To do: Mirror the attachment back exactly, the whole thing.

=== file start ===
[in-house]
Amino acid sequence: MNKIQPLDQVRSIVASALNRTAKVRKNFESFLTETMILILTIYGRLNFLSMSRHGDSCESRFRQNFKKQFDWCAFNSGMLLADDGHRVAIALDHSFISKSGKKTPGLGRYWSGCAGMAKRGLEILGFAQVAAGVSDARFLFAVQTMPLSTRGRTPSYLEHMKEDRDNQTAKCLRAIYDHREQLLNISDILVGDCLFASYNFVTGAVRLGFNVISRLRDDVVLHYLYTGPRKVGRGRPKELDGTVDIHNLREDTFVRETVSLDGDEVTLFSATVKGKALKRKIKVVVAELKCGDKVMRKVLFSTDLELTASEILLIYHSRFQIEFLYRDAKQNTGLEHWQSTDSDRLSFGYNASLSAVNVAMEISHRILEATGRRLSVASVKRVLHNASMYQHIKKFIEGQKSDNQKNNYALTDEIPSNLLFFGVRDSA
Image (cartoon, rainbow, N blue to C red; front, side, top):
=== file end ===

[in-house]
Amino acid sequence: MNKIQPLDQVRSIVASALNRTAKVRKNFESFLTETMILILTIYGRLNFLSMSRHGDSCESRFRQNFKKQFDWCAFNSGMLLADDGHRVAIALDHSFISKSGKKTPGLGRYWSGCAGMAKRGLEILGFAQVAAGVSDARFLFAVQTMPLSTRGRTPSYLEHMKEDRDNQTAKCLRAIYDHREQLLNISDILVGDCLFASYNFVTGAVRLGFNVISRLRDDVVLHYLYTGPRKVGRGRPKELDGTVDIHNLREDTFVRETVSLDGDEVTLFSATVKGKALKRKIKVVVAELKCGDKVMRKVLFSTDLELTASEILLIYHSRFQIEFLYRDAKQNTGLEHWQSTDSDRLSFGYNASLSAVNVAMEISHRILEATGRRLSVASVKRVLHNASMYQHIKKFIEGQKSDNQKNNYALTDEIPSNLLFFGVRDSA
Image (cartoon, rainbow, N blue to C red; front, side, top):